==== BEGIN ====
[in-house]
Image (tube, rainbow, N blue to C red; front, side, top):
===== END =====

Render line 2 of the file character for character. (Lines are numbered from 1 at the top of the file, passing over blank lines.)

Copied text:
Image (tube, rainbow, N blue to C red; front, side, top):